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“I have been here for the last balf-hour, sir,” said one of the pages in waiting, "and during that time no stranger bas entered here. But her ladyship came in just now as if she had been masquerading, and there lie the garments she has thrown off.”
Cochrane looked at the cloak and hat, and comprehended the trick which had been played him.
“Where is the knave Gordon ?” he said between his clenched teeth, and grasping her arm with a gripe that made the blood tingle at her finger tips.
"Secure from your malice," she replied, without wincing under the pain of his gripe.
“You know, and you shall tell me where he lies hidden."
'You canuot invent any torture which will force that from me.”
He was sure of it when he looked into her eyes, so clear, so steady, and so scornful. He released her, wheeled about, and quitted the apartment. He cursed the stupidity of Ross, but he consoled himself with the reflection that the fugitive could not be far away when such a decoy as that by which he had been deceived was necessary for his protection.
He retreated quickly, and halted at the foot of the stair which conducted to the roof of the tower. Having explored the opposite extremity of the corridor, posting guards at every point of egress as he went along, he began to ascend to the ramparts.
The staircase was narrow and steep. Lamington had mounted it lightly, and at the top he came to a doorway which gave to the battlements of the palace. There he paused, peering forth cautiously to discover the whereabouts of the sentinel.
The night was gloomy as the fortunes of the man who gazed at it. Big heavy clouds were drifting rapidly athwart the sky, presaging another storm. Occasionally they left clear spaces of deep blue, which reflected a faint light on the earth, at other times there prevailed a darkness in which it became difficult to distinguish objects at only a few yards' distance.
Turrets and ramparts rose in shadowy outline before him, and offered many dark corners in which he might lie concealed, if the search were not too vigilant, and the searchers were not provided with torches. But these were the very conditions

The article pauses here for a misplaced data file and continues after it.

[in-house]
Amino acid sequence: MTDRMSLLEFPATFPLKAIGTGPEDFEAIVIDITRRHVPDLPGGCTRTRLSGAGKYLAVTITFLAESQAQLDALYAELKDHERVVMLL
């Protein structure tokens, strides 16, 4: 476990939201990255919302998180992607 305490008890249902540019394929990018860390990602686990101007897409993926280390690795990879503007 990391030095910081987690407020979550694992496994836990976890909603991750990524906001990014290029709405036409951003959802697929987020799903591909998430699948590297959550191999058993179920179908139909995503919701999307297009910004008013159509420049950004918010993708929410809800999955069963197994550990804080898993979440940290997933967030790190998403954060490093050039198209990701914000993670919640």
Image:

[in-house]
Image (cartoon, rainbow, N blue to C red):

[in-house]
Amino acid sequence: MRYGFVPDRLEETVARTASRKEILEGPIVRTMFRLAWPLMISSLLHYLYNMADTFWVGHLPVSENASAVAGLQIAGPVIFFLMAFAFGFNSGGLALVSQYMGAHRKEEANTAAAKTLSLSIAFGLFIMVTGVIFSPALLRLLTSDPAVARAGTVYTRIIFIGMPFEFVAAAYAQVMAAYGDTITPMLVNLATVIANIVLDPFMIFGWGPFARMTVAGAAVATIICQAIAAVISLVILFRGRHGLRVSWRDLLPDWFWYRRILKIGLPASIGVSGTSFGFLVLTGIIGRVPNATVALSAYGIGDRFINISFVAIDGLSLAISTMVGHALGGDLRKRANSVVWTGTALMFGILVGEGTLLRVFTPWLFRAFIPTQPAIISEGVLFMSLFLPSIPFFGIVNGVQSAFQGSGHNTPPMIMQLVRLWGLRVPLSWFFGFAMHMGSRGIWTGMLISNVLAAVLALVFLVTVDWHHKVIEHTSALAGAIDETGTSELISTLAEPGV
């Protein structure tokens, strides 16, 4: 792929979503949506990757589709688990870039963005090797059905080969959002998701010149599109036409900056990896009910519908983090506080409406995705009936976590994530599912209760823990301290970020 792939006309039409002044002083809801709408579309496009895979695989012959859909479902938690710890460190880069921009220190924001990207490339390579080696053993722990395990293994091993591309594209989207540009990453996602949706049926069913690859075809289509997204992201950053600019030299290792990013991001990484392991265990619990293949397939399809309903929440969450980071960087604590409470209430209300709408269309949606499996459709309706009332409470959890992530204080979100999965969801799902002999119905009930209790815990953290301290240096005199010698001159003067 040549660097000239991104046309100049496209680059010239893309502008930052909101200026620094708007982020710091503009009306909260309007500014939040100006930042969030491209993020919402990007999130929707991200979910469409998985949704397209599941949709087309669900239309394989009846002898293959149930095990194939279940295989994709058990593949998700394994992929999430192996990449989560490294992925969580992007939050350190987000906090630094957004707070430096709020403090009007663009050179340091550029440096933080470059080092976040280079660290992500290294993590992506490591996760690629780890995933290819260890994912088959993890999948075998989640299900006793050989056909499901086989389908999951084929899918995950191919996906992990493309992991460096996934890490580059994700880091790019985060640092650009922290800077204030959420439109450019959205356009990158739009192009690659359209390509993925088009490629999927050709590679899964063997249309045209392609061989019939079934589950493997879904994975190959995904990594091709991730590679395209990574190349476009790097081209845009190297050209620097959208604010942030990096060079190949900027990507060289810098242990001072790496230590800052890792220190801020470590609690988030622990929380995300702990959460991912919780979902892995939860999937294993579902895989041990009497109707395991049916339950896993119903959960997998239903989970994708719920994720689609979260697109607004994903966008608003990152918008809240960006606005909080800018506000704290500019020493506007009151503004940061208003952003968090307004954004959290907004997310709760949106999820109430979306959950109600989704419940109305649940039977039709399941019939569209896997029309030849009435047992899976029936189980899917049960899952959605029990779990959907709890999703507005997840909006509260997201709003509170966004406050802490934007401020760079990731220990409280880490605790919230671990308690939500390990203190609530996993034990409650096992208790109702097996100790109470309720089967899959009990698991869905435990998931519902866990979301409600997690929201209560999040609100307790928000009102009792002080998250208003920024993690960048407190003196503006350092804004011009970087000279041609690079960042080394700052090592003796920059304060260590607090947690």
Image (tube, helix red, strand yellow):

which he could not count; and there was the pressing probability that the watch would detect him before he could reach even a temporary coign of vantage. The drifting clouds cleared a space and permitted him to see the trooper, who guarded that side of the tower, marching slowly away from him with his halberd resting on his shoulder.
Gordon's resolution was promptly taken.
With the celerity of an antelope and the caution of a man whose life is at stake, he followed the sentinel, keeping well under the shadow of the ramparts, so that even had the soldier turned unexpectedly he would not have seen him. The man did not turn, however, and Lamington got close behind him without his presence being suspected.
Then with one bound he had his arms upon the soldier's throat, stifling the cry of alarm which the affrighted fellow tried to utter. Gordon snatched the halberd from his nerveless grasp, and with the butt end of it struck him down insensible.
This noiseless victory gave him an unpremeditated advantage. None of the other sentinels who were silently patrolling the battlements had observed any sound of the brief scuffle. But discovery was imminent whenever they happened to miss their comrade at the points where they were accustomed to meet and interchange the word of assurance that all was right.
Gordon expeditiously removed the man's steel cap, and adjusted it on his own head." Next be unbuckled the belt and removed the jerkin; last he drew off the heavy jackboots, and assumed them himself. They fitted well enough for his purpose, and so he thrust the unconscious trooper close to the rampart, shouldered the halberd, and marched forward in time to meet the next watch.
“All goes well,” he muttered, indistinctly, in reply to the man who saluted him as his comrade.
He wheeled round, and paced slowly back, the other doing the same without heeding the churlish mood in which he had been greeted.
When Gordon halted at the head of the stair, he breathed with something of that sense of relief which one
experiences in having escaped an accident, and he began to balance the probability of being able to pass the main body of the guard undetected. He could risk it if he only knew the watchword. But how was he to learn that? To say that he had forgotten it would attract a degree of attention which must prove fatal to him.
Meanwhile there was the danger of the sentinel whom he had overthrown recovering and giving the alarm.
His reflections were presently interrupted by the sounds of Cochrane and his followers approaching. The crisis of the adventure was at hand; success or failure would depend upon the results of the next few minutes.
One certainty there is,” he muttered, setting his teeth ; “ if he recognizes me, Cochrane's flight downward will be a swift one.